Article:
Oculus Rift DK2’s tracking update rate

I’ve been involved in some arguments about the inner workings of the Oculus Rift’s and HTC/Valve Vive’s tracking systems recently, and while I don’t want to get into any of that right now, I just did a little experiment.

The tracking update rate of the Oculus Rift DK2, meaning the rate at which Oculus’ tracking driver sends different position/orientation estimates to VR applications, is 1000 Hz. However, the time between updates is 2ms, meaning that the driver updates the position/orientation, and then updates it again immediately afterwards, 500 times per second.

This is not surprising at all, given my earlier observation that the DK2 samples its internal IMU at a rate of 1000 Hz, and sends data packets containing 2 IMU samples each to the host at a rate of 500 Hz. The tracking driver is then kind enough to process these samples individually, and pass updated tracking data to applications after it’s done processing each one. That second part is maybe a bit superfluous, but I’ll take it.

Here is a (very short excerpt of a) dump from the test application I wrote:

0.00199484: -0.0697729, -0.109664, -0.458555
6.645e-06 : -0.0698003, -0.110708, -0.458532
0.00199313: -0.069828 , -0.111758, -0.45851
6.012e-06 : -0.0698561, -0.112813, -0.458488
0.00200075: -0.0698847, -0.113875, -0.458466
6.649e-06 : -0.0699138, -0.114943, -0.458445
0.0019885 : -0.0699434, -0.116022, -0.458427
5.915e-06 : -0.0699734, -0.117106, -0.45841
0.0020142 : -0.070004 , -0.118196, -0.458393
5.791e-06 : -0.0700351, -0.119291, -0.458377
0.00199589: -0.0700668, -0.120392, -0.458361
6.719e-06 : -0.070099 , -0.121499, -0.458345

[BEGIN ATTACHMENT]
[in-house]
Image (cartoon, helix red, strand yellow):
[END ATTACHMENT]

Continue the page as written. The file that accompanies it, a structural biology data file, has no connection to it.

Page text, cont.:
0.00197487: -0.0701317, -0.12261 , -0.45833
6.13e-06  : -0.0701651, -0.123727, -0.458314
0.00301248: -0.0701991, -0.124849, -0.458299
5.956e-06 : -0.0702338, -0.125975, -0.458284
0.00099399: -0.0702693, -0.127107, -0.458269
5.971e-06 : -0.0703054, -0.128243, -0.458253
0.0019938 : -0.0703423, -0.129384, -0.458238
5.938e-06 : -0.0703799, -0.130529, -0.458223
0.00200243: -0.0704184, -0.131679, -0.458207
7.434e-06 : -0.0704576, -0.132833, -0.458191
0.0019831 : -0.0704966, -0.133994, -0.458179
5.957e-06 : -0.0705364, -0.135159, -0.458166
0.00199577: -0.0705771, -0.136328, -0.458154
5.974e-06 : -0.0706185, -0.137501, -0.458141

The first column is the time interval between each row and the previous row, in seconds. The second to fourth rows are the reported (x, y, z) position of the headset.

I hope this puts the myth to rest that the DK2 only updates its tracking data when it receives a new frame from the tracking camera, which is 60 times per second, and confirms that the DK2’s tracking is based on dead reckoning with drift correction. Now, while it is possible that the commercial version of the Rift does things differently, I don’t see a reason why it should.

PS: If you look closely, you’ll notice an outlier in rows 15 and 17: the first interval is 3ms, and the second interval is only 1ms. One sample missed the 1000 Hz sample clock, and was delivered on the next update.

7 thoughts on “Oculus Rift DK2’s tracking update rate

  1. That’s fascinating info. Given that the camera rate is 60hz, does that mean the minimum latency is still 16ms? Not entirely sure what happens when a 2ms signal is periodically corrected with a 16ms one. IE, when the frame correction comes in its potentially 16ms behind no?

  2. Also are you planning to blog about the vive and oculus tracking system details further? Pretty curious what type of third party diy solutions may emerge for mobile solutions as a result.

  3. Does any of the HMDs that are promised to be released in the near future do some post-processing on the frames in the device itself to compensate for the lag involved in the roundtrip?

    • That’s what I would love to know. Given that so much is publicly known about tracking systems (regular 60fps webcam + IMU + extended Kalman filter), why are there no cheap open-source, third party solutions for delivering 6dof data to mobile platforms ?

      I understand part of the ultimate goal of mobile, is untethered, but I for one, would jump at a solution of a single beacon (IR cam or LEDs), broadcasting low latency BLE position data to cardboard, or gear vr headset.

      @okreylos Why isn’t that a thing? And if not, why aren’t you launching a kickstarter for it? 😉

  4. Pingback: Lighthouse tracking examined | Doc-Ok.org

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